Keys to my new future
Today I’m excited to introduce our guest blogger, my friend Rod.Rod’s optimism and friendly nature have made a big impact on me and Lio, and we both feel so lucky to get to spend time with this wonderful guy.Rod loves JOIN and wanted to share his story and perspectives after having moved out from under the bridge and into an apartment last week.
Hi friends and supporters of JOIN, my name is Rod and I have been rescued from the madness of homelessness.
Some of the ones on the street regret or deny not needing a rescue from their situation. In my case I had a friend while I was living under the Burnside Bridge, officer Burleigh, who recognized my worthiness and assisted me by helping me out of my madness by referring me to JOIN and my new buddy Lio.
I need only to mention my adventures under the Burnside Bridge for anyone to realize that I needed help.One of my main pitfalls was that I did not recognize my own need because I was too busy scraping out a meager survival.Survival isn’t enough and I found myself in a deeper quagmire of the madness and basically had to extricate myself from the lifestyle.Sometimes easier said than done.But lo and behold, there was Lio.
A few years ago I found myself in Portland, after coming down from Seattle to try to help my brother, only to find out that he needed more help than I could give alone.I soon found out that I had to shift focus to Rodriguez, and my own priorities, the number one issue was housing.
The population under the Burnside Bridge is the homeless and the forgotten.I know them well and I am them.I don’t go over there any more, I don’t think of them anymore. I don’t think of that lifestyle at all.The one thing that I hold dear now and have to continue is my education. I have to look forward.I want to go back to school soon. That chapter of my life is closed, but what I learned through that survival in that madness is something I’ll never forget. I’m reminded every day when I see fellows sleeping in doorways in America in 2011. It’s frustrating, and I try to think that they’ve chosen that lifestyle in the same way that I chose to.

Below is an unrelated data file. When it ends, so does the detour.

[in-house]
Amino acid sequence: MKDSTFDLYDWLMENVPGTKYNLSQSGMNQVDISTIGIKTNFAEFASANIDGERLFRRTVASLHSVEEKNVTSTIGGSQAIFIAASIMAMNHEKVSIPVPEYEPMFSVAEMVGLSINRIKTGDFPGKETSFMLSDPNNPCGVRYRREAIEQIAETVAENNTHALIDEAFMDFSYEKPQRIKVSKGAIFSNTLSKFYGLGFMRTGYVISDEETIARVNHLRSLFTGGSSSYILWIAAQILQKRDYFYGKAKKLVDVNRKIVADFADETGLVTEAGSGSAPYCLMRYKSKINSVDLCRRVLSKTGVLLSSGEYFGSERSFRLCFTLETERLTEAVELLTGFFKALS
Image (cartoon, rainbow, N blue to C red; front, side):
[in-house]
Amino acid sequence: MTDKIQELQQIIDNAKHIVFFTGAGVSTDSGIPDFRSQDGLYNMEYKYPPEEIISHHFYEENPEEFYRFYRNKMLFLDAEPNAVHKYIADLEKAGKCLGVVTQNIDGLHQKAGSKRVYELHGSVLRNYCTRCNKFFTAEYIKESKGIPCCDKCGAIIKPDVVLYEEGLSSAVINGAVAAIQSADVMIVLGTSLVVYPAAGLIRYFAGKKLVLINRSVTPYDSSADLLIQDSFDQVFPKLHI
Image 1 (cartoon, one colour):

I learned a lot in that chapter of my life. I learned to recognize the strength I had under the bridge, of having to go into survival mode, though I never felt that I really had my back against the wall.Some people out there seem so drained, like they have nothing left. I never felt that like. I woke up every day glad that I had “24 more” (that was my expression outside)I knew where to go for a meal. I just never got way down and that has to be because of my optimism, a basic concept of mine that not everyone has. Some of the fellows in the street frowned on that. Said “why is he so up?” I wish them well. All I can say is that I’ve been through it and it takes self-strength. It has nothing to do with having to box someone. It’s all inner strength.
Of the numbers of those who police society’s down and out, my total thanks to one Officer Burleigh, who tapped me on the shoulder more than once about being a better man than what I was displaying. Thanks Officer Burleigh.You saw strength in me that I had let wilt. But when you brought it to my attention I had to reenergize and choose a better path- one that I continue to navigate thanks to the help of JOIN, and individuals like Lio Alaalatoa and Colleen Sinsky.
Now I’m a regular guy. The future is an open pathway I’m about to embark on and I’m excited to see what happens.When I moved into my own place, I was presented with keys to my new future, and it’s an incredible feeling that only those who have had their autonomy taken from them would recognize.